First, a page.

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How Often Do Tuatara Breathe {Explained!}

If you’ve been learning about the tuatara, chances are, you’re fascinated by some of the facts you’ve discovered. The more you learn, the more you want to know. Today’s question, how often do tuatara breathe? Can they hold their breath for extended periods of time? Can they breathe underwater? Keep reading as we answer these questions and more!

How Often Do Tuatara Breathe?

how often do tuatara breathe

Tuataras are impressive reptiles. They can go for up to a year without eating and can survive much colder temperatures than other reptiles; turns out, they can also go without breathing for surprisingly long periods.

Tuatara apparently don’t need to breathe very often to stay alive; on average, they take one breath every 7 seconds or so. But they can go much longer than that without air; they can hold breath for up to an hour.

Which begs the question, why? Why would a tuatara hold its breath like that?

There are a few possible reasons. A tuatara might choose to hold its breath when trying to avoid predators or conserve energy, or it might hold its breath as a natural response to slowing its metabolism for other reasons.

The tuatara’s slow metabolism is the reason its breathing is so slow in the first place. 

Tuatara have very slow metabolisms and therefore do not need to breathe very often. Slowing their metabolism further, as they do during periods of brumation or to survive a food shortage, reduces the need to breathe even more. 

Can Tuatara Breathe Underwater?

Tuatara are land-dwelling reptiles; therefore, they have no need to breathe underwater. In fact, they don’t even need to drink water, as they receive all the hydration their bodies need from the foods they eat.

If a tuatara were to be held down and submerged underwater, it would technically be able to hold its breath and survive in the water for up to an hour. But it would not be able to breathe in the water, and if it could not escape, it would eventually drown.

Other Interesting Facts About the Tuatara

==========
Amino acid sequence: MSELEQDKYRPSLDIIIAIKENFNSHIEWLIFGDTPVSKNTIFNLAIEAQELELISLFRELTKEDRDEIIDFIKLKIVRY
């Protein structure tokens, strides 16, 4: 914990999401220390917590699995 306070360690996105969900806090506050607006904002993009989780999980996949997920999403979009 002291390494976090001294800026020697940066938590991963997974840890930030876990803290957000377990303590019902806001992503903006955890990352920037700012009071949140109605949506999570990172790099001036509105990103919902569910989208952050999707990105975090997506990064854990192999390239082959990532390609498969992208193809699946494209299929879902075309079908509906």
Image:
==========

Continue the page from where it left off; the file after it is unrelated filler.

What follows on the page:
Other Interesting Facts About the Tuatara

So, we now know that tuatara can go for long periods of time without breathing or eating, can tolerate cold temperatures, and doesn’t need to drink water. That’s a pretty impressive list of accomplishments.

But tuataras are unique creatures with many other interesting traits as well.

What are some of these interesting traits? Let’s find out:

  • They are only found in New Zealand: These reptiles are not widespread at all. Though they used to live all over the mainland of New Zealand, they are now found only on remote, uninhabited islands of the nation. There are thought to be about 55,000 tuatara left in the wild, with a few more kept in captivity in zoos and sanctuaries.
  • They have a naturally low body temperature: Part of why tuatara are more cold-tolerant than most other reptiles is that their body temperature is surprisingly low. Their average temperature fluctuates between 41 and 52 degrees Fahrenheit, meaning they can easily survive temperatures down into the 40s, and even colder when they are brumating (hibernating).
  • They have some unique physical features: Tuatara are the only animals in the world to have a third eye. This eye, located on top of their heads and covered by scales, isn’t used for sight, but is thought to help with telling the time of day, setting bodily rhythms and cycles, and perhaps absorbing UV radiation.

They are also the only animal to have three rows of teeth which fit together like scissors–the bottom row fits nicely in between the two top rows. The teeth are part of the jawbone and cannot grow back once they are worn down or broken.

  • They are the last of their kind: Tuatara belong to the reptilian order Rhynchocephalia, which has existed for more than 250 million years. The tuatara is the only remaining species belonging to this order, as all the others died out around 60 million years ago.
  • They have a slow reproduction cycle: Female tuatara lay eggs only once every 4 years or so. Once the eggs are laid, it can take another year to year and a half before the eggs are ready to hatch, and young tuatara don’t reach sexual maturity until they are about 10 to 20 years old.

Check out this video for more information about the tuatara.

Conclusion

Tuatara are strange and unique lizard-like creatures. They have slow metabolisms, which means they only have to breathe about once every 7 seconds and can hold their breath for up to an hour if necessary.

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